But honestly, it’s no big deal. That’s okay, because Windows Backup is a PoS anyway. There’s so much better software out there, right? Comodo, for example, is free and does a much better job. I would have just used my old copy of Norton Ghost, like I have on so many Windows XP boxes past, but it’s not compatible with Windows 7. Oh, sure, some newer version is, but I’m not going to stump-up cash for that if there’s a free alternative that meets my needs. And besides, I don’t want to just back up my Windows partitions anyway. We’re talking dual boot. We’re talking Windows and Linux living side-by-side. So a Windows-only backup would be darn stupid anyway. Just as a Linux-only backup would be.
So let’s try bringing in something truly multiplatform, that can read NTFS and Linux formats equally well, and will respect the whole of the hard drive, the master boot record, the partitions, everything exactly as they are. Why not try something like Partimage Is Not Ghost (PING) then.
And then watch during a routine backup as PING totally destroys the Windows partition so badly that no Windows or Linux tool can restore it without reformatting the whole NTFS partition Windows used to be using before it was slaughtered by bad programming and heavy Linux hands.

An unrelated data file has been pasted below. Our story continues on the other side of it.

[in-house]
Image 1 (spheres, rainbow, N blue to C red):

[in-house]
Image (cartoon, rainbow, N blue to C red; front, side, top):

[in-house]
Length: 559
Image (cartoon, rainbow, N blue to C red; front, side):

Honestly. Can anyone tell me why anyone would think a typical Windows user would, at this point, having had his Windows install raped and slaughtered repeatedly by Linux, be even remotely interested in trying to use Linux at this point? At all? Ever?
I can’t think of a single reason.
In fact, I feel pretty damn stupid for even giving Linux this many opportunities to nuke my Windows install.
I honestly have no idea why I’m so determined to use Linux at all. Dualboot is just not working here. I don’t know why not. It’s a freaking simple concept. I know Linux works just great on its own. And Windows, well, is Windows. Can’t live with it, can’t live without it. So…
…I keep on trying.
But if anyone has ever wondered why Windows users don’t switch to Linux for the better security, lower overhead, and easier access to a plethora of wonderful free software? There you go. It’s because of all of the bad things that Linux does, that Windows doesn’t. Like happily deconstruct a RAID array and then write to the drives individually, destroying the array. Or blithely nuke Windows during a routine hard drive backup, when it should only be reading from the Windows partition in the first place. Not many Windows users would be happy to reinstall everything from scratch because “oops” we had a little bug.
I’ve decided that I really don’t like Ubuntu though. So maybe I’ll go back to openSUSE. Or Fedora.
But later. Much later. When the seething anger has gone back down to a dull ache and I can burn a distro to DVD without wanting to throw it across the room, grind it into pulp, etc.
I really never thought I would cherish anything Microsoftian this much. But I’m about damn ready to mount my Windows 7 disk on a wall. With those holograms, it’s even kind of shiny…